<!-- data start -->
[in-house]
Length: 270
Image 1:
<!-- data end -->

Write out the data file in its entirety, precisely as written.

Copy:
[in-house]
Length: 270
Image 1: